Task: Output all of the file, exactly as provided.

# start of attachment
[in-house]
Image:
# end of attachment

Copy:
[in-house]
Image: